Friday, March 27, 2015

" Music Saved Our Lives "

Saul Dreier and Ruben Sosnowicz

 Another testament to survival, of how one's love, and passion for creativity, in particular music, can give you the will to live is seen in Saul Dreier and Ruby Sosnowicz, who started the Holocaust Survivor's Band, as a tribute to late fellow musician and survivor, Alice Herz-Somer. Such a beautiful soul.

I love these two guys Saul and Ruby. Saul, he reminds me so much of my father, who's family came from Poland with his Jewish Germanic name.

You can see more videos and listen to the interview with Saul and Ruby here on CBC Radio Q.

The Turnip Princess

Listening to late night radio, I hear and learn about so many things from all over the world. Many are tragic, some funny, entertaining, and some can spark my interest enough to blog about them, particularly when they involve stories about life related to anything creative.

My art work involves fairy tales and story, so I was especially excited, and very curious to learn about a volume of 500 new fairy tales that had been recently found in Germany. These fairy tales were collected by local historian Franz Xaver von Schönwerth (1810-1886) in Bavaria from country folk all over, around the same time as the Brothers Grimm, however faded into obscurity as these tales never gained popularity, and  were stored away for over 150 years, until now.

This Guardian article explains that Oberpfalz cultural curator Erika Eichenseer found them.
I loved what she says about fairy tales. She calls them a " valuable treasure known to man: ancient knowledge and wisdom to do with human development, testing our limits and salvation. "

Here is an example of one of these fairy tales.

The Turnip Princess

A young prince lost his way in the forest and came to a cave. He passed the night there, and when he awoke there stood next to him an old woman with a bear and a dog. The old witch seemed very beautiful and wished that the prince would stay with her and marry her. He could not endure her, yet could not leave that place.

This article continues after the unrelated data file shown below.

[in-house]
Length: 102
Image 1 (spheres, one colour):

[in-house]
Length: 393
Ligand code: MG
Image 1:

One day, the bear was alone with him and spoke to the prince: "Pull the rusty nail from the wall, so that I shall be delivered, and place it beneath a turnip in the field, and in this way you shall have a beautiful wife." The prince seized the nail so strongly that the cave shook and the nail cracked loudly like a clap of thunder. Behind him a bear stood up from the ground like a man, bearded and with a crown on his head.

"Now I shall find a beautiful maiden," cried the prince and went forth nimbly. He came to a field of turnips and was about to place the nail beneath one of them when there appeared above him a monster, so that he dropped the nail, pricked his finger on a hedge and bled until he fell down senseless. When he awoke he saw that he was elsewhere and that he had long slumbered, for his smooth chin was now frizzy with a blond beard.

He arose and set off across field and forest and searched through every turnip field but nowhere found what he was looking for. Day passed and night, too, and one evening, he sat down on a ridge beneath a bush, a flowering blackthorn with red blossoms on one branch. He broke off the branch, and because there was before him, amongst the other things on the ground, a large, white turnip, he stuck the blackthorn branch into the turnip and fell asleep.

When he awoke on the morrow, the turnip beside him looked like a large, open shell in which lay the nail, and the wall of the turnip resembled a nut-shell, whose kernel seemed to shape his picture. He saw there the little foot, the thin hand, the whole body, even the fine hair so delicately imprinted, just as the most beautiful girl would have.

The prince stood up and began his search, and came at last to the old cave in the forest, but no one was there. He took out the nail and struck it into the wall of the cave, and at once the old woman and the bear were also there. "Tell me, for you know for certain," snarled the prince fiercely at the old woman, "where have you put the beautiful girl from the parlour?" The old woman giggled to hear this: "You have me, so why do you scorn me?"

The bear nodded, too, and looked for the nail in the wall. "You are honest, to be sure," said the prince, "but I shall not be the old woman's fool again." "Just pull out the nail," growled the bear. The prince reached for it and pulled it half out, looked about him and saw the bear as already half man, and the odious old woman almost as a beautiful and kind girl. Thereupon he drew out the nail entirely and flew into her arms for she had been delivered from the spell laid upon her and the nail burnt up like fire, and the young bridal pair travelled with his father, the king, to his kingdom.

Thursday, March 26, 2015

Making Viva Frida

I have been a fan of Frida Kahlo's for a long time now. I think I can say she actually is my favourite artist. Not only because of her art, but because of her spirit, her love, and passion for life.